Ever since March 16, when Dallas Mayor Eric Johnson ordered all bars and restaurants across the city to close their doors to stem the spread of coronavirus, iconic Deep Ellum bar Double Wide has sat empty. Which means that owner Kim Finch, who also operates the Single Wide bar on Greenville Avenue, has missed out on untold sums of revenue while still forking over money to pay insurance, rent, and bills.
But that could all change soon, thanks to a new waiver issued by the Texas Alcoholic Beverage Commission (TABC), which would allow bars that don’t have kitchens to sell prepackaged food or partner with food trucks in order to hit the 51 percent target of revenue that a food and beverage license requires. It’s just the latest in a series of waivers issued by the agency to help bars during the COVID-19 pandemic, but many owners in Dallas say these moves just aren’t enough.
Back in March, Gov. Greg Abbott issued a waiver that would allow establishments to sell to-go cocktails for the first time in Texas history, but that only applied to restaurants. Then, the TABC announced that bars could sell cocktails to go, but only if they were served alongside food that was prepared in an on-site commercial kitchen. That meant that bars like Double Wide that don’t have their own kitchens have been forced to shutter entirely, with no end in sight.
“I’m just a little pissed right now,” Finch tells Eater. “For us to open, we still have to pay and wait for a new permit and figure out how to serve food, both of which will cost us money. We have to retrain staff again, and possibly hire new people, and they’re hard to find right now. It’s not as easy as they’re making it sound. We can’t just swing the doors open tomorrow.”
For bars that have never served food before, a challenge awaits. Even though they’re able to sell prepackaged food, there is still equipment and packaging to buy and safe food handling to implement — all of which cost money. Finch is also skeptical that she’d be able to convince a food truck operator to park outside of her bar from open until close. “It is not realistic to have a food truck sit at [Double Wide and Single Wide] from open to close every day,” Finch says. “No truck will make enough money to do that.”
Like the Double Wide, Deep Ellum Distillery has been shuttered for months. Now, its proprietors are trying to figure out how to reopen as soon as possible under the new guidelines. “We don’t have a kitchen or anything like that, so we’re going to have to figure out how to make it work,” says general manager Aaron Wang. Currently, the distillery is planning to partner with local food trucks, like The Colony’s Barrel and Bones and Basic Taco, to serve food.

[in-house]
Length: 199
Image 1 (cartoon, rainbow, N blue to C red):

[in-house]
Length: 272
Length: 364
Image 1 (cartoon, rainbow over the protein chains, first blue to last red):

The lack of a plan for distilleries is especially galling considering that, at the beginning of the crisis, the state of Texas pleaded with distillers to shift their production lines to make hand sanitizer during product shortages. “It’s just crazy to me. The state asked us for help, and we did that on our own dime. We gave free hand sanitizer to the city of Dallas, to hospitals, to first responders,” Wang says. “It cost us thousands and thousands of dollars to make hand sanitizer, and we’ve been closed for months.”
For Finch, the waiver feels especially galling considering that Abbott has been in negotiations with Dallas Cowboys owner Jerry Jones to figure out a plan that would allow fans inside AT&T Stadium during the NFL season. According to Abbott’s Open Texas plan, sporting events are currently allowed to fill 50 percent of their venues, which could mean something like 40,000 people cramming into AT&T Stadium on Sundays.
Even before this latest waiver, some Dallas bars, like Shoals Sound and Service, began implementing plans to reopen as restaurants, but that’s also meant navigating the labyrinthine bureaucracy of the TABC and other agencies that govern the operations of bars and restaurants. Shoals owner Omar Yeefoon sent in the affidavit and other necessary paperwork to the TABC over a week ago, and is still waiting to hear back from the agency.
“The public sees moves like this and thinks they’re actually stepping in to help, but they’re not,” Yeefoon says. “It’s one bureaucracy making one judgment, then it’s another bureaucracy making another judgment. Sometimes they’re contradictory. How do we even know how to proceed? We need definitive answers, and we need to stop having to jump through hoops to maybe make ends meet.”
For many bars, this latest waiver isn’t really a lifeline — it’s too little, too late. Throughout the past five months, several of the city’s long-standing drinking destinations, like iconic Deep Ellum goth club Lizard Lounge and Addison’s Mercy Wine Bar, have permanently closed their doors. Without some kind of relief beyond opening at limited capacity, it’s likely that many of Dallas’s favorite bars will meet a similar fate.
“We’re about to see something in this industry like you would not believe. When the boards come off the windows and people start leaving their homes this fall, they’re going to see the aftermath of their favorite restaurants and bars closing,” Yeefoon says. “The ones that will be open will be limping and doing a completely different business than before just to survive.”